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CITY TRIBUNE

100 declared bankruptcy in Galway since 2014

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More than 100 people declared bankruptcy in Galway over the past four years, according to a new report from the Insolvency Service of Ireland.

The figures show that from the first quarter of 2014 to the first quarter of 2018 there were a total of 107 bankruptcies here.

And a further 164 people came to insolvency arrangements with creditors during the same period through Debt Relief Notices (DRN), Debt Settlement Arrangements (DSA) or Personal Insolvency Arrangements (PIA).

The majority of debt is related to mortgages, the figures show.

Where certain criteria are met for debt, a DRN allows the write-off of up to €35,000 subject and the person is subject to a three-year supervision period.

A DSA allows for the agreed settlement of unsecured debt (with no limits) over a period of up to five years.

A PIA allows the restructuring or settlement of secured debts of up to €3m and the settlement of unsecured debt over a period of up to six years.

The Galway figures show there was a rate of 5.5 bankruptcies per 10,000 adults – comparative figures show Cavan had the worst rate at 8.9 per 10,000 (49 people), while Kerry had the lowest at 3.3 (37 people).

Dublin recorded a rate of 4.4 (463 people); Wicklow 7.8 (81 people); Limerick 4 (59 people); Cork 5.9 (241) and Waterford 7.6 (66 people).

For the three forms of insolvency arrangement (DRN, DSA and PIA), the rate in Galway was 8.4 per 10,000 adults (164). The highest rate was in Waterford at 35.1 (305) while the lowest rate was in Limerick at 5.1 (76 people).

Other rates included Carlow at 25.2 (106 people); Dublin at 7.1 (745); Cork at 15.5 (633) and Wicklow at 18.5 (193 people).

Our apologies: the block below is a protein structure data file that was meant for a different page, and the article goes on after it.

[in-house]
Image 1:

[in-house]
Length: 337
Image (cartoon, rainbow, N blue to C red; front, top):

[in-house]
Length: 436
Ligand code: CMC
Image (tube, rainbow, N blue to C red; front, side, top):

Nationally, a breakdown of the debt involved in insolvency arrangements in the first quarter of 2018 (a total value of €1.164 billion) shows 50.5% (€588m) related to Buy-To-Let investor mortgages; 25.5% (€296.6m) owed to financial institutions; 18.8% (€218.8m) related to mortgages on people’s homes; 0.9% (€10.2m) to Revenue; 0.4% (€4.6m) to credit unions. A further 3.9% (just under €45.9m) was classed as ‘other debt’.

Lorcan O’Connor, Director of the Insolvency Service of Ireland, said: “While there are some fluctuations within the statistics, the number of debtors securing Personal Insolvency Arrangements, the solution that returns debtors to solvency while keeping them in their home in over 90% of cases, continues to rise.”

CITY TRIBUNE

Council rows back on ‘reduced delays’ projections for Kirwan junction

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From this week’s Galway City Tribune – Motorists have described it as ‘a disaster’ and a former mayor has said the project gave very poor value for money, but Galway City Council have this week asked the public to be patient with the revamped Kirwan junction, close to the Menlo Park Hotel.

Since the four-arm signalled junction opened early last week, motorists have complained of traffic queues stretching back to the Quincentenary Bridge and Corrib Park.

And now the Council has rowed back on its consultants’ claims that the junction would increase capacity by 15% and reduce waiting times by 25%.

Former mayor and local taxi driver, Cllr Frank Fahy, told the Galway City Tribune that given the negative impact of the junction on traffic, the €5 million spent on the project represented ‘very poor value’ as regards taxpayers’ money.

“I will admit that the junction is now safer for pedestrians in that they can hit a button to give them a safe crossing, but since it opened there have some very serious traffic tailbacks,” said Cllr Fahy.

However, City Council Acting Director of Services for Transport, Uinsinn Finn, told the Galway City Tribune that the new junction needed time to ‘bed in’ with a familiarisation process.